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The Impact of Climate Change on U.S. Agriculture: The Roles of Adaptation Techniques and Emissions Reductions

Timothy Neal () and Michael Keane ()

No 2018-08, Discussion Papers from School of Economics, The University of New South Wales

Abstract: We investigate the impact of climate change on U.S. agricultural productivity using county-level yield and weather data from 1950 to 2015. We present two new methods of modelling how producers adapt agricultural techniques to harsh temperatures, including a new panel data estimator that allows for two-dimensional fixed-effects in slopes. We find evidence of adaptation to geographic and temporal variation in climate, but it has stalled since 1989. We show that adaptation implies fixed-effects slope heterogeneity in the relationship between crop yield and temperature, and ignoring this leads to biased estimates of temperature sensitivity. We use our estimates to project corn yields to 2100 using a variety of climate models and emission scenarios, and find that unmitigated climate change will have severe effects on yields. Our models indicate that adaptation techniques can mitigate 10 to 45% of the damage, but significant emissions reductions can mitigate far more (i.e., 42 to 91%).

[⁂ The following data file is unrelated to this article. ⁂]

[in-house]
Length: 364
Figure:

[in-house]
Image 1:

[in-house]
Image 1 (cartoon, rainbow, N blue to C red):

JEL-codes: C23 C54 D24 Q15 Q51 Q54 Q55 (search for similar items in EconPapers)
New Economics Papers: this item is included in nep-agr, nep-eff and nep-env
Date: 2018-05
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Handle: RePEc:swe:wpaper:2018-08